September 28, 2016

Webster Junior finds passion for photography after hockey injury

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Addison Brush working in his studio at World Wide Technology Inc. in Maryland Heights. PHOTO BY EMILY REYNOLDS/THE JOURNAL

Addison Brush licensed his company, Paint Brush Originals LLC, for its LLC last year. He has recorded, edited and produced over 200 videos and works for the no. 34 company on Fortune’s “Best Companies to Work For” list, World Wide Technology, Inc.

Brush is a junior at Webster University working towards a major in video production and minor in business. Though he doesn’t play any more, hockey has been a major part of Brush’s life since he was three. He is now a referee for USA Hockey. And on top of all that, Brush is training to be a competitive cyclist, but just to stay in shape as a referee.

Finding a passion through pain

Brush started experimenting with cameras in eighth grade when he got checked from behind in hockey and fractured the L5 vertebra in his spine. When he was injured he decided to try his hand at photography.  He joined the photo club at Christian Brothers College High School (CBC) where he made a video using fast moving photographs, similar to  a flip book.

While at CBC he produced videos for the student leadership council. In his sophomore year of high school Brush met William Gegg, his future business partner. Gegg is now a sophomore at Webster. The two worked together on videos for the student leadership council and found out they worked well with each other.

“Things he missed I caught … things I didn’t notice he’d be like ‘Oh, hey, you got this over here’ ‘Change your setting to this,’” Gegg said.

Gegg said it is fun to work with his best friend, but it can be annoying seeing the same guy all day long. They have three classes together, both work for World Wide Technology, Inc. and work on projects for Paint Brush Originals LLC.

Brush and Gegg’s first paid gig was the wedding of one of their teacher’s daughter. Since then they’ve produced videos for World Wide Technologies, The Archdiocese of St. Louis and other organizations in addition to doing scouting reels for student athletes looking to play in college and wedding videos.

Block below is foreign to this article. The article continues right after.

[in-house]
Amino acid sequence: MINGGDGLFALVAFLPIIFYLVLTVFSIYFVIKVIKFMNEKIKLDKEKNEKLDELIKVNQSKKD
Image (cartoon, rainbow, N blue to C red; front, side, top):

Gegg would prefer to work for companies who don’t always know exactly what they want because he can let his creative juices flow. If he messes up he can always go back and do it again. With weddings, Gegg said, things only happen once and there’s no way to get a re-do. That’s why, after college, Gegg said he wants to move away from the stressful wedding videos.

“Weddings make me nervous,” Gegg said.

Other side of the puck

Brush has played hockey since he was three years old. He continued to play through high school but knew he would never have a career in it. When one of his friends asked him to go to referee training camp he went, not knowing what to expect and it stuck with him.

Brush continued to train and move up along the referee ranks. He now referees for USA Hockey and said he hopes he can continue to move up.

It would be a dream come true for Brush to referee a Blues game. Being from St. Louis, Brush said he has always been a fan of his home-town team.

Right now he works with lesser known teams, but most of them are still popular in their home towns.

“Usually the towns we go in don’t have NHL teams, or pro leagues, or anything else. Nobody has anything better to do than watch your hockey team. It gets good crowds though,” Brush said.

In the offseason Brush said many other refs run to keep in shape. Brush said he hates running, so he cycles instead. This is only his second year as a cyclist.

Brush has only fallen off his bike once, the first day he got it. When he first purchased his road bike it had the pedals where his feet clipped into the pedals. He said he couldn’t figure out how to get out of the pedals and took a tumble in his garage.

Last month he completed his first, and second, 100-mile race,  Bike MS in Columbia, Missouri.  Bike MS is a bicycle race to raise money to find a cure for Multiple Sclerosis.

He said he was worried about keeping pace for that long a distance but Brush said his times were five hours and 45 minutes for the first 100 and five hours and 36 minutes for the second, around 16 miles per hour. Men who won in their division for the bike portion, 112 miles, of the Iron Man competition in 2011 averaged a speed anywhere from 14.09 to 23.74 miles per hour.

At one point, going down a hill, the cyclists reached speeds of almost 40 miles an hour. Brush said that kind of speed on a bike is a little nerve-racking. He said he could hear the bike whirring underneath him.

“You just hang on for dear life,” Brush said.

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Brush working in his studio at World Wide Technology Inc. in Maryland Heights. PHOTO BY EMILY REYNOLDS/THE JOURNAL

Further down the road

Brush said he wants to focus on both of his passions once out of college. He doesn’t know how long he can physically be a hockey referee, but he will always have video production to fall back on.

“But, you can also manage a video production company kind of on the road. If you do editing and stuff you can do it in the hotel room,” Brush said.

Gegg said he wants to work at a few production companies before he really focuses on Paint Brush Originals LLC so he knows how a successful one works. Gegg said he wants to be as sure as he can about the success of the business before investing in it too much.

Gegg is a sophomore video productions major at Webster University.

Both Gegg and Brush want to move forward with their business after college.

“If we don’t kill each other by the time we graduate,” Gegg said jokingly.

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